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J Neurosci. 2013 Nov 27;33(48):18836-48. doi: 10.1523/JNEUROSCI.3029-13.2013.

The transcription factor serum response factor stimulates axon regeneration through cytoplasmic localization and cofilin interaction.

Author information

1
Neuronal Gene Expression Laboratory and Molecular Organ Function Laboratory, Eberhard Karls University Tübingen, Interfaculty Institute for Cell Biology, Department of Molecular Biology, 72076 Tübingen, Germany; Laboratory for NeuroRegeneration and Repair and Laboratory for Molecular Neuro-Oncology, Eberhard Karls University Tübingen, Hertie Institute for Clinical Brain Research, 72076 Tübingen, Germany; and Department of Gene Therapy and Institute for Physiological Chemistry, Ulm University, 89081 Ulm, Germany.

Abstract

Axonal injury generates growth inert retraction bulbs with dynamic cytoskeletal properties that are severely compromised. Conversion of "frozen" retraction bulbs into actively progressing growth cones is a major aim in axon regeneration. Here we report that murine serum response factor (SRF), a gene regulator linked to the actin cytoskeleton, modulates growth cone actin dynamics during axon regeneration. In regeneration-competent facial motoneurons, Srf deletion inhibited axonal regeneration. In wild-type mice after nerve injury, SRF translocated from the nucleus to the cytoplasm, suggesting a cytoplasmic SRF function in axonal regeneration. Indeed, adenoviral overexpression of cytoplasmic SRF (SRF-ΔNLS-GFP) stimulated axonal sprouting and facial nerve regeneration in vivo. In primary central and peripheral neurons, SRF-ΔNLS-GFP stimulated neurite outgrowth, branch formation, and growth cone morphology. Furthermore, we uncovered a link between SRF and the actin-severing factor cofilin during axonal regeneration in vivo. Facial nerve axotomy increased the total cofilin abundance and also nuclear localization of phosphorylated cofilin in a subpopulation of lesioned motoneurons. This cytoplasmic-to-nucleus translocation of P-cofilin upon axotomy was reduced in motoneurons expressing SRF-ΔNLS-GFP. Finally, we demonstrate that cytoplasmic SRF and cofilin formed a reciprocal regulatory unit. Overexpression of cytoplasmic SRF reduced cofilin phosphorylation and vice versa: overexpression of cofilin inhibited SRF phosphorylation. Therefore, a regulatory loop consisting of SRF and cofilin might take part in reactivating actin dynamics in growth-inert retraction bulbs and facilitating axon regeneration.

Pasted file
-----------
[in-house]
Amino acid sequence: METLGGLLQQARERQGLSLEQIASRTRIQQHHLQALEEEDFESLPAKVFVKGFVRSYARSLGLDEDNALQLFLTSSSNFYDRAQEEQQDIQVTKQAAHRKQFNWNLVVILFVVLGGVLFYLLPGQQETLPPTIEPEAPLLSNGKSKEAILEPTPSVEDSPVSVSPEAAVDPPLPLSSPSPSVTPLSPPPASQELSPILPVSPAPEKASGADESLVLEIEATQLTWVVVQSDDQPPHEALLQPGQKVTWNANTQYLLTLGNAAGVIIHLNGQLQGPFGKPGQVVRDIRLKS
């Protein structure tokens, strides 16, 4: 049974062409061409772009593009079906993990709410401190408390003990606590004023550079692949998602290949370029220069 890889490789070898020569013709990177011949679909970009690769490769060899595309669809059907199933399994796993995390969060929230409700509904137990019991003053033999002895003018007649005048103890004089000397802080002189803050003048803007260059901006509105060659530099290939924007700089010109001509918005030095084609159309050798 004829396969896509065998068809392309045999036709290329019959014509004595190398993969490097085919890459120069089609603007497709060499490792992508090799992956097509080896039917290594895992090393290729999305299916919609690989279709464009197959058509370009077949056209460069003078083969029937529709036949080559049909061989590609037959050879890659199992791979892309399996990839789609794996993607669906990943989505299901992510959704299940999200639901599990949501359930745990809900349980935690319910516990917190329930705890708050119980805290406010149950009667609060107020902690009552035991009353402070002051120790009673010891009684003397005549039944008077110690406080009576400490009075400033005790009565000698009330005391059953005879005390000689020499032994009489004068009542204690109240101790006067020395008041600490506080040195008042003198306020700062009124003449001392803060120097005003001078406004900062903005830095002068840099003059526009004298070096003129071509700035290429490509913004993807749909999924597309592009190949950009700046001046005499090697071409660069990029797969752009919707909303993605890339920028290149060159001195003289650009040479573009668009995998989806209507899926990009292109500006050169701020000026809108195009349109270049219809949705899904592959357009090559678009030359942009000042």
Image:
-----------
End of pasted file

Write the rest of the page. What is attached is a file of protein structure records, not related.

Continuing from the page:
PMID:
24285890
DOI:
10.1523/JNEUROSCI.3029-13.2013
[Indexed for MEDLINE]
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